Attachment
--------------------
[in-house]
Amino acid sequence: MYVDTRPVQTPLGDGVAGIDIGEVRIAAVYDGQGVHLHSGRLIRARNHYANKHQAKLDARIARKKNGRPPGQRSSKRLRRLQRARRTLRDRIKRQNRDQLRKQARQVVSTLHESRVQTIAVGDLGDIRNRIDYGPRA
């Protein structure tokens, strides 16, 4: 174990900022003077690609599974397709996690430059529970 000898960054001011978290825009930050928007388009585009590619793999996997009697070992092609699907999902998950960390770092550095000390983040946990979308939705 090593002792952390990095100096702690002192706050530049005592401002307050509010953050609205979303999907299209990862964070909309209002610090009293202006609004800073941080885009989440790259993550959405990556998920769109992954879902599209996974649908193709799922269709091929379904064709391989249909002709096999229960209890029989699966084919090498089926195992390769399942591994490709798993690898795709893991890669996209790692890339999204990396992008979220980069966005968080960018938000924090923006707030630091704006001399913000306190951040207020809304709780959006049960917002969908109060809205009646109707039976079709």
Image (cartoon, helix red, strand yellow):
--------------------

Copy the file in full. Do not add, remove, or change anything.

[in-house]
Amino acid sequence: MYVDTRPVQTPLGDGVAGIDIGEVRIAAVYDGQGVHLHSGRLIRARNHYANKHQAKLDARIARKKNGRPPGQRSSKRLRRLQRARRTLRDRIKRQNRDQLRKQARQVVSTLHESRVQTIAVGDLGDIRNRIDYGPRA
């Protein structure tokens, strides 16, 4: 174990900022003077690609599974397709996690430059529970 000898960054001011978290825009930050928007388009585009590619793999996997009697070992092609699907999902998950960390770092550095000390983040946990979308939705 090593002792952390990095100096702690002192706050530049005592401002307050509010953050609205979303999907299209990862964070909309209002610090009293202006609004800073941080885009989440790259993550959405990556998920769109992954879902599209996974649908193709799922269709091929379904064709391989249909002709096999229960209890029989699966084919090498089926195992390769399942591994490709798993690898795709893991890669996209790692890339999204990396992008979220980069966005968080960018938000924090923006707030630091704006001399913000306190951040207020809304709780959006049960917002969908109060809205009646109707039976079709």
Image (cartoon, helix red, strand yellow):